Importance Of Speech

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Something that I have never shared is that I did Academic Decathlon in High School. Speech was one of topics that I struggled with when I was involved in it for two years. Believe me when I say that my progress from then to now has come a long way. Right after giving my persuasive speech, I had a lot of negative thoughts that were floating in my head. I felt that there has been little process in all of this time that I have spent trying to learn to communicate more effectively. Worst of all perhaps, I felt powerless to do anything to change this. This was my most practiced speech and it did not feel that way.
A study was conducted in 2009 by psychologists Matthias Wieser, Paul Puali, Phillipp Reicherts, and Andreas Mühlberger who discovered that high anxiety speakers are “significantly more sensitive to the angry images than to happy or neutral one”. Reading this very line made me think deeply I respond to speeches. From looking at the film of my persuasive speech, I can look to specific moments to where I visibly notice my audience losing me. From watching these moments, I get flash backs of myself in the middle of my speech looking at certain lost faces in the audience. Noticing this, I stop myself for a second, and try keep giving my speech. I don’t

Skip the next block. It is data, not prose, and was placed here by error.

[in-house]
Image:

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I seem more credible just in the way that I stand. My arms are more actively engaged with that I am trying to communicate. In my story speech, I seem the opposite. If I had to boil my posture to one word, it would be flimsy. My arms seem to be dangling from the top of torso. I am shifting my weight from one leg to another fairly often. I find myself not sure of what I am saying. While this problem didn’t completely go away as I still see myself facing back and forth, the movement seems less frequent and noticeable. My overall body movements have gotten a lot
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